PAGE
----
5. Be Ready to Evacuate at Any Time<p>It's always wise to be prepared, but stay especially vigilant in high-risk periods during fire or hurricane season. Practice evacuating at different times of day. Make sure your grab-and-go kit is up to date and in a convenient location, and keep leashes and carriers by the exit door. You might even stow a thick pillowcase under your bed for middle-of-the-night, dash-out emergencies when you don't have time to coax an anxious pet into a carrier. If forecasters warn of potential wildfire, a hurricane, or other dangerous conditions, bring outdoor pets inside so you can keep a close eye on them.</p><p>As with any emergency, the key is to be prepared. As the American Kennel Club points out, "If you panic, it will agitate your dog. Therefore, <a href="https://www.akc.org/expert-advice/home-living/create-emergency-evacuation-plan-dog/" target="_blank" rel="noopener noreferrer">pet disaster preparedness</a> will not only reduce your anxiety but will help reduce your pet's anxiety too."</p>
Evacuating Horses and Other Farm Animals<p>The same basic principles apply for evacuating horses and most other livestock. Provide each with some form of identification. Ensure that adequate food, water, and medicine are available. And develop a clear plan on where to go and how to get there.</p><p>Sheltering and transporting farm animals requires careful coordination, from identifying potential shelter space at fairgrounds, racetracks, or pastures, to ensuring enough space is available in vehicles and trailers – not to mention handlers and drivers on hand to support the effort.</p><p>For most farm animals, the Red Cross advises that you consider precautionary evacuation when a threat seems imminent but evacuation orders haven't yet been announced. The American Veterinary Medical Association has <a href="https://www.avma.org/resources/pet-owners/emergencycare/large-animals-and-livestock-disasters" target="_blank">more information</a>.</p>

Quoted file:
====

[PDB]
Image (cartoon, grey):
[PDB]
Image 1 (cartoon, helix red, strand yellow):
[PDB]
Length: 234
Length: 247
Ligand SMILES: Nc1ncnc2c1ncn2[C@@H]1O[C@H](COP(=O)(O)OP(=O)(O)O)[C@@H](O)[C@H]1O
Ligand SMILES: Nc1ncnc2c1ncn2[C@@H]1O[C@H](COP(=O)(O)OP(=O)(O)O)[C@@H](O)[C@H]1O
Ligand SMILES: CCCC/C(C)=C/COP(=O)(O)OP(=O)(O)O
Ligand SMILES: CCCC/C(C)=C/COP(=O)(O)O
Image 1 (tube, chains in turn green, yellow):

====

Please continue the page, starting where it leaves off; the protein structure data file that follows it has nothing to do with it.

Bottom Line: If You Need to Evacuate, So Do Your Pets<p>As the Humane Society warns, pets left behind in a disaster can easily be injured, lost, or killed. Plan ahead to make sure you can safely evacuate your entire household – furry members included.</p>